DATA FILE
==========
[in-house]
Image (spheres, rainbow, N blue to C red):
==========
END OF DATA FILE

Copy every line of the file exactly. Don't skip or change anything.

[in-house]
Image (spheres, rainbow, N blue to C red):